To investigate whether the phase decoupling is a consequence of reduced responsiveness of neurons (both in terms of LFP and spiking activity), or is governed by additional mechanisms, we compared the SPC of adapter stimulus under adaption condition with the SPC for a stimulus under a control condition with the matched firing rates. By comparing the lower intensities (intensity at the level of 50 dB) in the control sequence which have similar firing rate as that of the adapting condition, the coupling was less for adapting condition while their firing rates were matched (Figure 3C). This result shows that the adaptation-induced decoupling is mediated by a separate mechanism than suppression of excitability and responsiveness of individual cells. Subsequently, the SPC strength of control and adapting condition was compared across all recording sites. Figure 3D shows the SPC of all recording sites (n = 98) within the beta band (13–30 Hz). Each dot represents the SPC strength of the control vs. adapting condition for a recording site. The histogram in the upper right shows the distribution of two conditions. The results show that across the sites, SPC strength for the control condition is significantly higher than adapting condition (p < 0.001; t-test, n = 98, mean = -0.029, std = 0.071).

We further performed a systematic examination of the time-course of the adaptation effect on the SPC strength. For this purpose, as depicted in Figure 3E, we partitioned the probing trials in the adapting paradigm based on its number in the control sequence (L = 30), namely [1: L], [L: 2L], etc. Next, SPC was computed for L control probe trials and compared with 14 L portions of adapting trials (Figure 3F). The result shows that a reduction of SPC strength emerges from the second part of L trials in the adapting paradigm. This value converges to a stable value from ∼10th partition after some fluctuations.

Spikes Are Coupled to the Phase of LFPs Within the Beta Band

Previous studies have revealed that the spike rate is attenuated in the adapted condition compared to the control condition (Taaseh et al., 2011; Parto Dezfouli and Daliri, 2015). This study suggests that adaption causes SPC to reduce. This reduction occurs in the coupling of spikes to LFP phase within the beta band.

To examine the relation of this reduction of spikes to LFP phase, we first tested if the preferred phase for two conditions is matched. We defined the preferred phase as the phase in which spikes prominently occur (α) and consequently give the most SPC value. Accordingly, anti-preferred phase was defined as the phase with 180° distance from the preferred phase (180 - α). For this purpose, the histogram of LFP phases in spike times was computed for both conditions. Figure 4A shows the histogram of LFP phases in the beta band across sites for both control and adapting conditions. As depicted, the distribution of phases across recording sites differs significantly from the uniform distribution in both conditions. The mean locking phase is 2.89 and 2.76 rad (165°, 158°) for control and adapting conditions, respectively, and there is no statistically significant difference between them (p = 0.3, t-test). This suggests that spiking activity in the auditory cortex tends to occur more frequently at a similar phase within the beta band (13–30 Hz) of LFPs, independent of adapting or control conditions. The results of the SPC for each 4 Hz frequency window from 1 to 60 Hz are shown in Supplementary Figure S3A. Considering 4 Hz frequency windows shows this phase consistency occurs prominently in 16–20 Hz of the beta band (Supplementary Figure S3B).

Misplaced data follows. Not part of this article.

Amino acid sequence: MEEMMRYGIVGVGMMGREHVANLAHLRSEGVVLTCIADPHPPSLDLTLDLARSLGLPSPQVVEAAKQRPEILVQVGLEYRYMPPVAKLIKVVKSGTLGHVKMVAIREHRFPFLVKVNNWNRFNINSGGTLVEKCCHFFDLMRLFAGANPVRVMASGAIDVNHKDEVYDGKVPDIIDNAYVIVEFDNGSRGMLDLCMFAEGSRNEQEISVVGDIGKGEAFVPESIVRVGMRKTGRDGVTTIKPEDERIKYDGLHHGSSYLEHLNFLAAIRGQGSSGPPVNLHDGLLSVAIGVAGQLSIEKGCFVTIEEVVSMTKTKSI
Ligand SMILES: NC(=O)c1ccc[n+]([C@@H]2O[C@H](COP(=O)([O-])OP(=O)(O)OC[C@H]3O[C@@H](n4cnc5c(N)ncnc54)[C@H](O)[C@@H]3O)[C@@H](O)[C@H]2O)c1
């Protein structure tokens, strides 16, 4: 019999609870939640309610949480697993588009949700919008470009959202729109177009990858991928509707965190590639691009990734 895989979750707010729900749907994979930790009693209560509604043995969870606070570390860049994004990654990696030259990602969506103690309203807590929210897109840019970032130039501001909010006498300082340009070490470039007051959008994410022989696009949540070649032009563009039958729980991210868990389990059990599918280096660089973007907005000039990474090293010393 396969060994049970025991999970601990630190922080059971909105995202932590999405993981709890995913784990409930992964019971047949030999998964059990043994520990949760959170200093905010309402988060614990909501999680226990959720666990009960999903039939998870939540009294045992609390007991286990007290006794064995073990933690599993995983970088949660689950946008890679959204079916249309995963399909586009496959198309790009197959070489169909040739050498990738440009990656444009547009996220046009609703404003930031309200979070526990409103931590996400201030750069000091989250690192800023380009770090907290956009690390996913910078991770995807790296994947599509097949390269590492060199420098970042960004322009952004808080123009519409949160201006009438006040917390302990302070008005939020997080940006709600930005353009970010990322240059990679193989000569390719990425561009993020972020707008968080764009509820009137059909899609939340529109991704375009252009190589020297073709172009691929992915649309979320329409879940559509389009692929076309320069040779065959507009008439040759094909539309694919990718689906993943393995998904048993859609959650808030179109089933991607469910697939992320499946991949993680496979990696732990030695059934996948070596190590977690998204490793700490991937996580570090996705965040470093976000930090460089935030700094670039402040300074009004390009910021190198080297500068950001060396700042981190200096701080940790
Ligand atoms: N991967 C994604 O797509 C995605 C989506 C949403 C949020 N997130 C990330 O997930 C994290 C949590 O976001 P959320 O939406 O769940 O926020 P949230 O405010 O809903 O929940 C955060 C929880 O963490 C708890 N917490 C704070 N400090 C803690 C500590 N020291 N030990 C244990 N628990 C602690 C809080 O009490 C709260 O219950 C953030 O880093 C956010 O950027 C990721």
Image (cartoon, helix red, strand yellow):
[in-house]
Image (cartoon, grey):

FIGURE 4
www.frontiersin.org

Figure 4. The preferred phase of LFP. (A) The histogram of phases for the preferred LFP phase in control (cyan) and adapting (magenta) conditions within the beta band (13–30 Hz). The mean locking phases are 0.91 and 0.88 rad (165° and 158°) for control and adapting conditions, respectively. (B) Spike-triggered average (STA) of normalized LFP across sites for control (cyan) and adapting (magenta) conditions. STA curves show the spikes are coupled to the ∼160° of the phase of LFP for two conditions. The inset in the upper section illustrates the phase values in a cycle. Shade areas depict standard error of mean across all recording sites.

We also measured the preferred phase of LFP based on STA method. To this end, we averaged the LFPs within a window (±20) around each spike occurrence. As depicted in Figure 4B, we computed the STA across all recording sites (n = 98) for control (cyan) and adapting (magenta) conditions. The difference between the peak and trough for the control (cyan) and adapting (magenta) conditions shows that the SPC for the control condition is larger. Moreover, Figure 4B shows spikes coupled to the falling phase (∼160°) (consistent with Figure 4A) of LFP for both conditions.

Spikes Are Suppressed From the Preferred Phase of LFP